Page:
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Japan’s retail sales unexpectedly fell in November from the previous month for the first drop in five months as pent-up demand started to cool amid rising prices, outweighing a boost from the return of tourists.

Spending slipped 1.1% from October with outlays on clothing falling in a milder-than-usual month, according to the economy and trade ministry. Economists had expected sales to eke out a 0.2% gain. Strengthening inflation has been cited by analysts as a factor that will increasingly weigh on spending in real terms.

Separate figures showed the jobless rate edged down to 2.5% as Japan’s labor market continues to show signs of tightness. The availability of jobs remained unchanged, though, a reading that suggests employment conditions may not be strengthening at a sufficient pace to put the kind of upward pressure on wages sought by the government and central bank.

“Retail sales had been stronger than expected due to the rebound from the summer virus surge and government travel support,” said Yuichi Kodama, chief economist Meiji Yasuda Research Institute. “However, it’s now becoming apparent that rising prices may be gradually weighing on consumer spending.”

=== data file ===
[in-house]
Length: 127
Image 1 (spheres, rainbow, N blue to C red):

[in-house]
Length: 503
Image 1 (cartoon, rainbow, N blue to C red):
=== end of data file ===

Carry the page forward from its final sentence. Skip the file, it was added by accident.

Retail receipts were still up 2.6% from a year earlier, but the figures were inflated by the strongest inflation in four decades and they came in well below a 3.7% consensus estimate. Still, a ministry briefer said recovering inbound demand was now back to around 70% of pre-Covid levels.

The jobless figures showed a slight fall in the labor participation rate to 62.4% in November from the previous month, a decline that contributed to the lower unemployment rate. 

What Bloomberg Economics Says...

“Japan’s November employment data point to limited upward pressure on wages...For the Bank of Japan, the data will probably come as a disappointment.”

— Yuki Masujima, economist

For the full report, click here

Job availability remained at 1.35, meaning there were 135 jobs available for every 100 applicants. While that is an indication of a tight labor market, it is still well below pre-pandemic levels.

“Even if employment is tight, because companies can’t see good medium- to long-term growth prospects due to uncertainties in the economy,” Kodama said. “They can’t take steps to boost base salaries, a move that would lead to higher fixed costs,” 

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